I really did mean to set aside work on programmed solitaire roleplaying game adventures after finishing The Asturia Incident. Even during that project I briefly detoured to revise my old Trapped in the Museum solo scenario for the OpenD6 system on the occasion of its twentieth anniversary. After those forays into solo adventure gamebook writing I’d wanted to return to my long-neglected Infinite Cathedral project: a medieval roleplaying game setting bound to no particular game engine. And yet I now find myself tackling the challenge of creating a system-neutral programmed solitaire scenario. At least it’s serving as an introduction to the Infinite Cathedral and will hopefully fuel my enthusiasm for the main project ahead.
Frequent readers know I enjoy solitaire games of many kinds. Working on The Asturia Incident scratched several of my creative itches: the urge to work on a longer solo gamebook; channeling inspiration from science-fiction sources I admired; and a chance to develop game material using the OpenD6 system. Revising Trapped in the Museum also satisfied some of these desires. Neither one proved terribly fulfilling in the category of sales – I’m slowly resigning myself to accepting the reality of various related issues – but I found them personally satisfying...and if someone else enjoys them, too, well, that’s icing on the cake. After completing these projects I had intended to return to development and writing on The Infinite Cathedral, a system-neutral medieval roleplaying game setting I’ve had percolating in the back of my head for years.
The project has meandered through several formats in my head and on paper (so to speak): first a traditional sourcebook only, then as a possible core book with subscription supplements structured for a Patreon release; then back to the introductory sourcebook with additional short releases – folios or treatises, depending on the length – building on that foundation. The work isn’t simply reformatting and reorganizing, it’s coalescing old versions of chapters into one text and revising the whole into a single “Seeker’s Primer” core setting book. Along the way I’m engaged in lots of revision and self-editing, exploring new ideas that developed since I last looked at sections, and reevaluating how I present core information. I’m still a long way from either completion or being happy with much of it.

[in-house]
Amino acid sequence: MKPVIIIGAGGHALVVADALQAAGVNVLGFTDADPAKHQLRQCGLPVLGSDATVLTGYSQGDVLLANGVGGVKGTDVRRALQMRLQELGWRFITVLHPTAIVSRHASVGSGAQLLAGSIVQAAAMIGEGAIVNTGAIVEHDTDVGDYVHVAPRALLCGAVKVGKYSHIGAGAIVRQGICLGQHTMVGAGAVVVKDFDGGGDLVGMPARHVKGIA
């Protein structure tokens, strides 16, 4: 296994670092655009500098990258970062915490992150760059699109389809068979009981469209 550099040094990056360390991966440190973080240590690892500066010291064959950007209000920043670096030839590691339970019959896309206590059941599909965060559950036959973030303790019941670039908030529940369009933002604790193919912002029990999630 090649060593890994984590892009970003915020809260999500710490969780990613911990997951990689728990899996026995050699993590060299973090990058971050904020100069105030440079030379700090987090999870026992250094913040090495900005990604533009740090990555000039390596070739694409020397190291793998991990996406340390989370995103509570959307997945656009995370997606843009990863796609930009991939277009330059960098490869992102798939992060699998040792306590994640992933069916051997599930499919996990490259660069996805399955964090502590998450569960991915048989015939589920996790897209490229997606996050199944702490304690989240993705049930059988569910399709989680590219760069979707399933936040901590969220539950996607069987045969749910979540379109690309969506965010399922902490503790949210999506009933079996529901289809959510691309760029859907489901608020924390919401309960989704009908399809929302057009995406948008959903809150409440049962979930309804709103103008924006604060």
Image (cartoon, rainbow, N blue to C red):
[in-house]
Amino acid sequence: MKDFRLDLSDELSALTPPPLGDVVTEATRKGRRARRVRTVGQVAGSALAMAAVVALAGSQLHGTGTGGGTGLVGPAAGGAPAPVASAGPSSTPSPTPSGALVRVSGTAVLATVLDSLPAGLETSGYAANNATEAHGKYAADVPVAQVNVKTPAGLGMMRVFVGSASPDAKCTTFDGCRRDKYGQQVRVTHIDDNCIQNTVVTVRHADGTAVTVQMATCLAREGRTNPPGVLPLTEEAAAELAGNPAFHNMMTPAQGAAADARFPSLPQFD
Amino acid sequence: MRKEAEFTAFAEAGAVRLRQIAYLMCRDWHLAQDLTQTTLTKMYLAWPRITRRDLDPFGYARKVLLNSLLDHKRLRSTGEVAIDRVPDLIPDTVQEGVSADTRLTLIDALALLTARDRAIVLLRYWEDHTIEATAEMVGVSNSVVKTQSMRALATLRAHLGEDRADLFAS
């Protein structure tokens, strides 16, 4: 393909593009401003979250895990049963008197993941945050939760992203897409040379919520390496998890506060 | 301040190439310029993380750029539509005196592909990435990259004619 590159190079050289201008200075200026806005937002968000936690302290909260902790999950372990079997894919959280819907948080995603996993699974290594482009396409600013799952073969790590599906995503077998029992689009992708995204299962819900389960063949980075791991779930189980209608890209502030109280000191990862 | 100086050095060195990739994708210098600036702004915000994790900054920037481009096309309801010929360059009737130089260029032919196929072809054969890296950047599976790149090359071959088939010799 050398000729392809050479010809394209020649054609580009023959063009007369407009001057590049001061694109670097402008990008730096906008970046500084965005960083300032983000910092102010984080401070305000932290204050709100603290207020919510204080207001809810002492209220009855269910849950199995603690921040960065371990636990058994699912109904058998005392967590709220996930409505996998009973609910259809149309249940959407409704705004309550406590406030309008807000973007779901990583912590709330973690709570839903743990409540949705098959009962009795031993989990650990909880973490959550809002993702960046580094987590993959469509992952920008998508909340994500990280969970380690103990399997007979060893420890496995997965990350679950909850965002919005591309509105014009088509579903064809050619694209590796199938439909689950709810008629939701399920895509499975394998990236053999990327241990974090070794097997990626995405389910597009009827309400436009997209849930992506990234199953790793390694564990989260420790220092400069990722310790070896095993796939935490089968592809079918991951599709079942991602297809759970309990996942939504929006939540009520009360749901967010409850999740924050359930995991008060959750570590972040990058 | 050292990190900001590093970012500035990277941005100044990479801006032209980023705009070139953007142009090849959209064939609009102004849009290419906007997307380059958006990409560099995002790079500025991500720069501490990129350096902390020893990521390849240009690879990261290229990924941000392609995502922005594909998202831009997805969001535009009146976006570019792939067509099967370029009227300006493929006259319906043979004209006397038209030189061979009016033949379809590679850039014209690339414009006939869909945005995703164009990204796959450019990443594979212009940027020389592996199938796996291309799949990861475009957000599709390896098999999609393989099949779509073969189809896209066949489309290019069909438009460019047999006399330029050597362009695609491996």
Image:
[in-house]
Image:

My work took a further detour when I decided to revise the brief “Isle of Vintares” setting and put it together as a test for graphic design and formatting intended for The Infinite Cathedral. As usual, the response and feedback to that project has been uninspiringly minimal, even if I personally felt the result worked well and proved a solid dry-run for future Infinite Cathedral layout.
And now I’ve diverted again, though at least I’m working on content related to The Infinite Cathedral. The short solo adventure I’m creating drops player’s low-level medieval fantasy characters right into the unfamiliar setting. Right from the start they begin their explorations, interacting with some of the denizens and trying to figure out the “rules” of their new environment. It’s helping me focus on core setting themes: displacement and isolation, survival, exploration. I’m also finding enjoyment in exploring more whimsical choices and outlandish interactions, most reflecting the setting’s more unpredictable aspects. Few things make me smile like when I write a solo adventure choice such as “You try talking with the goats (go to 15).”
I’m revisiting the way I present and format programmed solitaire adventures, a notable challenge since – unlike solo tutorial adventures meant to both introduce a setting and demonstrate a particular game’s mechanics – I’m working without the framework of an established rules system. I’m often faced with how to present rules functions with language generic enough to cover most fantasy roleplaying games without referring to a specific one, yet clear enough so readers know how to navigate it with their preferred game engine. For guidance I’m referencing a few system-neutral adventures, though many still refer to core game concepts like saving throws, ability checks, and armor class. But overall the process results in me agonizing over wording until I find just the right phrase.
It’s easy for me to lose myself in solo adventure writing. In a way it’s like gamemastering, albeit in advance and in absentia. I have some basic story elements in mind, a few potential scenes to play out, and larger goals in terms of atmosphere and theme. When designing a setting one presents elements gamemasters can use in crafting adventures, providing a host of story ingredients to use and modify in different combinations. Like gamemastering, programmed scenario writing focuses on specific player and character experiences incorporating setting components. It allows me to flex my creative abilities, occasionally indulge my mischievous nature, and map out possible courses of action and their repercussions (though certainly the programmed solo adventure format severely limits any illusion of tactical infinity).
I realize I’m diverting myself from a greater, more challenging task. Yet I feel the Infinite Cathedral solo adventure serves both as an introduction for readers as well as a warm-up for me, stretching my creative muscles and inspiring me to tackle the setting sourcebook...and beyond.